But the agency does not believe it has skimped on penalties. CMS said in a statement that most infection-control violations have not justified fines because they did not put residents in certain danger. For instance, if an inspector observed a nurse not washing his or her hands while caring for a resident, the agency said that would warrant a lower-level citation “unless there was an actual negative resident outcome, or there was likelihood of a serious resident outcome.”


Universal health care is doable for far less cost – but at a political price


Image result for Universal health care is doable for far less cost – but at a political price

When the Legislature reconvenes and the campaigns for governor heat up next year, Californians will be hearing a lot – and a lot of hot air – about universal health care.

Making California the first state to guarantee health care for every resident has become a touchstone issue – and a divisive one – for the state’s dominant Democrats.

The state Assembly will take up – or possibly ignore – a universal health care bill that the Senate passed this year.


Assembly Speaker Anthony Rendon applied brakes to Senate Bill 562 in June, saying it “was sent to the Assembly woefully incomplete and has “potentially fatal flaws…including the fact it does not address many serious issues, such as financing, delivery of care (and) cost controls.”

That stance generated a torrent of personal invective from the measure’s advocates in the Democratic Party’s left – or Berniecrat – wing, driven by the California Nurses Association.

There’s a similar divide among the Democratic candidates for governor, with Lt. Gov. Gavin Newsom the most insistent advocate of expanding coverage.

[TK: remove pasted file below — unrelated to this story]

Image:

Like Rendon, Newsom’s chief rivals, former Los Angeles Mayor Antonio Villaraigosa and Treasurer John Chiang, endorse universal health care in principle, but are leery about how it would be financed.

A Senate Appropriations Committee analysis pegs costs of universal coverage at $400 billion a year, but suggests that half could be covered by redirection of existing federal, state and local government health care spending.

It added that “about $200 billion in additional taxes would be needed to pay for the remainder,” but also noted that half or more of that burden could be offset by eliminating direct health care costs now borne by consumers and their employers.

To put that in perspective, even $100 billion in new taxes would be the equivalent of a one-third increase in the $300 billion a year now levied by state and local governments.

In theory – one advanced by advocates – the two-thirds “supermajorities” in the Legislature and the governor could levy new taxes of that magnitude.

In practice, however, even if the supermajorities survive the recent spate of sexual harassment resignations and next year’s elections, there’s virtually no chance of such a vote.

Rendon knows that passing universal health care without a system of paying for it would invite scorn from the media and the public, but passing it with immense new taxes would put some of his Democratic members in political jeopardy.

If, however, Democrats are serious about having universal health care insurance there’s another, perhaps easier, way to do it.

A new report from the federal government’s Centers for Disease Control says that with the advent of Obamacare, which expands the Medi-Cal program serving the poor and offers subsidies for others, California’s medically uninsured population has dropped from 17 percent in 2013 to 6.8 percent in 2017.